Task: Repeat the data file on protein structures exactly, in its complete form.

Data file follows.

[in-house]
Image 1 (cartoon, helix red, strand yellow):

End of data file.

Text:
[in-house]
Image 1 (cartoon, helix red, strand yellow):